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 Post subject: New to forum
PostPosted: Fri Jan 20, 2017 4:15 am 
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Joined: Wed Jan 18, 2017 2:38 pm
Posts: 12
Hi folks,
Happy to meet you folks. I found the forum looking for advice on a Low D whistle. I've been making and playing bamboo flutes for a long time, but I want a contrasting sound. I mostly play keys, but also hammered dulcimer and a few other odd instruments. Here's a link to a tune done with my friend Michael Tanenbaum on dulcimer, probably the most Celtic thing I have recorded. https://youtu.be/a_CfLxz3Ask
Best wishes,
Stephen


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 Post subject: Re: New to forum
PostPosted: Wed Jan 25, 2017 9:54 am 
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Welcome, Stephen!

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 Post subject: Re: New to forum
PostPosted: Mon Feb 20, 2017 3:39 am 
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That's a pretty piece of music. I'm impressed (maybe fearful) of hammer dulcimer. I have two friends with recently acquired instruments, and the more ebullient one got pretty good quickly and the more shy one was daunted and has let it lapse, I think. When she showed me how to play the scale on the instrument I was horrified. I'll stick with guitar, thanks. :D

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 Post subject: Re: New to forum
PostPosted: Mon Feb 20, 2017 7:46 am 
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Hey,
I'm new to these forums as well! I have just found your song and I must say that I fell in love with it! Sounds really Celtic, that's true :)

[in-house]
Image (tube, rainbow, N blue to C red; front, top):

Thanks for that.

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 Post subject: Re: New to forum
PostPosted: Tue Feb 21, 2017 6:36 am 
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Now, I may be being a bit retro here, but back a few years ago, bandying the term "celtic" around here was considered ...um... "fraught with pretension". Has this usage lost its stigma?

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 Post subject: Re: New to forum
PostPosted: Tue Feb 21, 2017 1:34 pm 
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Innocent Bystander wrote:
Now, I may be being a bit retro here, but back a few years ago, bandying the term "celtic" around here was considered ...um... "fraught with pretension". Has this usage lost its stigma?

With me, perhaps it has. I've finally eased up and remembered that it's a big world. While I still don't care for it in the main, I think of "Celtic" as a new broad genre that was never really intended to have anything directly to do with tradition in the first place, but is instead meant to evoke, in some way, a vague notion of an idea of a concept of whatever "Celtic" might be whether born of the gritty streets or the mists of time. Sometimes the result is dreamy, sometimes brash and beery. Of course the free-for-all rankles for those of us who have invested so much in the Tradition, especially when any such connection is undetectable. But railing against it is pointless if we already know the difference; we mustn't forget that Trad is a highly specialized niche that demands you put in your time before you even think about pushing the envelope. But I do think that distinguishing between the two is not only valid, it's necessary. To further keep myself happy, I also distinguish between Celtic artists who actually come from the Tradition, and those who don't. But all that aside, there are two things I see as common to all of the so-called Celtic genre: a stab at wider appeal, and a certain theatricality, from Gaelic Storm to Loreena McKennitt. And what can we call The Treacherous Orchestra, for that matter? I'd like to know what they call themselves. That lot'd probably tell me to just shut up and get into it, or go home. Any of their members could tear up a hardcore Trad session with the best of 'em, and teach me something besides.

I use the word "Celtic" to denote anything not really, actually Trad. It does help to keep things orderly.

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 Post subject: Re: New to forum
PostPosted: Wed Feb 22, 2017 5:05 am 
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Thanks. That seems like a reasonable approach. :thumbsup:

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